Obama, use carrot and stick in Cuba
By Frank Calzon
November 23, 2008
The spoils of victory are fine; meeting the challenges that come with it
converts a winning candidacy into a successful presidency. Just like
Franklin Roosevelt after Pearl Harbor, all post-9-11 presidents must
make security, not recession or depression, the No. 1 priority. Faced
with a mortal threat to the American nation, they cannot do otherwise,
even if, inevitably, mistakes are made along the way.
Responding to Japanese aggression, President Roosevelt mobilized the
nation. He also took regrettable measures, including the internment of
In the aftermath of 9-11, the Bush administration also committed
outrages. But the debate triggered by the long detention of "enemy
combatants," and by the practice of "renditions," has been vigorous and
open. Indeed, Sen. John McCain led the congressional effort to ban the
use of torture. Fittingly, he was gracious in defeat, urging "all
Americans to join [him] in … find[ing] ways to come together."
They will: President-elect Obama already has sent the world a message of
American strength and resolve: "To those who would tear this world down
— we will defeat you. To those who seek peace and security — we support
Terrorism brings to mind the wars in Iraq and Afghanistan, or the openly
menacing rulers of Iran and North Korea. Less attention is paid to the
subversive activities in Latin America sponsored by Caracas and Havana.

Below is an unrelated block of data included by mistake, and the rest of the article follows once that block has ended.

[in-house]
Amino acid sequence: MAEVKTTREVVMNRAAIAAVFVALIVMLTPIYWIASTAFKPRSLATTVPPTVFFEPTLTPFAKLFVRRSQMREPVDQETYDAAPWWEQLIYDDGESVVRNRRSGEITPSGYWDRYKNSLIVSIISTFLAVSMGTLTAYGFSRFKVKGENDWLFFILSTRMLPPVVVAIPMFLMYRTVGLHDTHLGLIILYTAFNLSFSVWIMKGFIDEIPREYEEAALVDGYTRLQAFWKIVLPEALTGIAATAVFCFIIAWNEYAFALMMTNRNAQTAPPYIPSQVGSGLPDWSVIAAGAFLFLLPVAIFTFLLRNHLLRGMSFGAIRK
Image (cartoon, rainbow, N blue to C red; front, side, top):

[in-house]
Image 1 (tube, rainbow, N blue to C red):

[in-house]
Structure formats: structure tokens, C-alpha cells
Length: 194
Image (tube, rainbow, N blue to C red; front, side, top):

After 50 years of support for communist insurgencies, fomenting
anti-American violence around the world and providing safe haven to
terrorists, Cuba remains on the State Department's list of terrorist states.
Many American voters found it appealing when candidate Obama pledged to
talk to U.S. adversaries. The U.S. government and the Castro regime have
been talking for years, however. Change, to use a fashionable word,
depends on the willingness of the Cuban communists to renounce tyranny.
Trade and travel restrictions are among the few peaceful sanctions the
United States can use to influence Havana's behavior. Raul Castro,
Cuba's president, knows how to improve relations with Washington:
release political prisoners, halt repression, move toward the rule of
law and re-introduce a market-based economy. There has been no
indication that any such steps are even contemplated. Rather, there has
been an increase in political repression.
If restoring Cuban democracy is worth talking about, surely it is also
worth employing all of diplomacy's quid-pro-quo tools — including the
use of sanctions and incentives.
Frank Calzon is executive director of the Center for a Free Cuba.